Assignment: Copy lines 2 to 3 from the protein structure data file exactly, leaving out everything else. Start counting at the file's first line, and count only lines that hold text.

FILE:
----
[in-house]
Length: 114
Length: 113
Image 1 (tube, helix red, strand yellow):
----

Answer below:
Length: 114
Length: 113